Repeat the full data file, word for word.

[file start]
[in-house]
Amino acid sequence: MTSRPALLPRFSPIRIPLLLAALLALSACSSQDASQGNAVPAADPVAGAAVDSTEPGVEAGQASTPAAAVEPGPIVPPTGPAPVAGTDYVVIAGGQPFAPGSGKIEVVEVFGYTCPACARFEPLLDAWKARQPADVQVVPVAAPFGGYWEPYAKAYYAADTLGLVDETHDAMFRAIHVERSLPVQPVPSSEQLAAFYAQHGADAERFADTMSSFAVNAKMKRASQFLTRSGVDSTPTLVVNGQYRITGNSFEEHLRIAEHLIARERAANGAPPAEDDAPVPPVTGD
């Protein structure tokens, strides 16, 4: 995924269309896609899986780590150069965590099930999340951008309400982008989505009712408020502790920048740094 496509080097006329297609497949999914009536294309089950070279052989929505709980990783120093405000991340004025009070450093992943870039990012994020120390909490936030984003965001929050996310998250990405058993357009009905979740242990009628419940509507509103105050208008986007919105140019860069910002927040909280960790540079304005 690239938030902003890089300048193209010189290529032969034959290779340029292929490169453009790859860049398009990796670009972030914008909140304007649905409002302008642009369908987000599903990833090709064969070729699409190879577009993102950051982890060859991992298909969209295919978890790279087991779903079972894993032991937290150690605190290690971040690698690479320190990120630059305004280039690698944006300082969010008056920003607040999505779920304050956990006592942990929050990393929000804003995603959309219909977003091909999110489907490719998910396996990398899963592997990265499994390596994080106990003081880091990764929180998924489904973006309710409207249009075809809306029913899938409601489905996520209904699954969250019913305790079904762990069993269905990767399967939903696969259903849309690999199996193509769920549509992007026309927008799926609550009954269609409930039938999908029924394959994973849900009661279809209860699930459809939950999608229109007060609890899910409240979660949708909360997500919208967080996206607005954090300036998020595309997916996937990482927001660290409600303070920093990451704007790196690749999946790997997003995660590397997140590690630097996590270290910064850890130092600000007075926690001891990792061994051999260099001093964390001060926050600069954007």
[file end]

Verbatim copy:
[in-house]
Amino acid sequence: MTSRPALLPRFSPIRIPLLLAALLALSACSSQDASQGNAVPAADPVAGAAVDSTEPGVEAGQASTPAAAVEPGPIVPPTGPAPVAGTDYVVIAGGQPFAPGSGKIEVVEVFGYTCPACARFEPLLDAWKARQPADVQVVPVAAPFGGYWEPYAKAYYAADTLGLVDETHDAMFRAIHVERSLPVQPVPSSEQLAAFYAQHGADAERFADTMSSFAVNAKMKRASQFLTRSGVDSTPTLVVNGQYRITGNSFEEHLRIAEHLIARERAANGAPPAEDDAPVPPVTGD
């Protein structure tokens, strides 16, 4: 995924269309896609899986780590150069965590099930999340951008309400982008989505009712408020502790920048740094 496509080097006329297609497949999914009536294309089950070279052989929505709980990783120093405000991340004025009070450093992943870039990012994020120390909490936030984003965001929050996310998250990405058993357009009905979740242990009628419940509507509103105050208008986007919105140019860069910002927040909280960790540079304005 690239938030902003890089300048193209010189290529032969034959290779340029292929490169453009790859860049398009990796670009972030914008909140304007649905409002302008642009369908987000599903990833090709064969070729699409190879577009993102950051982890060859991992298909969209295919978890790279087991779903079972894993032991937290150690605190290690971040690698690479320190990120630059305004280039690698944006300082969010008056920003607040999505779920304050956990006592942990929050990393929000804003995603959309219909977003091909999110489907490719998910396996990398899963592997990265499994390596994080106990003081880091990764929180998924489904973006309710409207249009075809809306029913899938409601489905996520209904699954969250019913305790079904762990069993269905990767399967939903696969259903849309690999199996193509769920549509992007026309927008799926609550009954269609409930039938999908029924394959994973849900009661279809209860699930459809939950999608229109007060609890899910409240979660949708909360997500919208967080996206607005954090300036998020595309997916996937990482927001660290409600303070920093990451704007790196690749999946790997997003995660590397997140590690630097996590270290910064850890130092600000007075926690001891990792061994051999260099001093964390001060926050600069954007």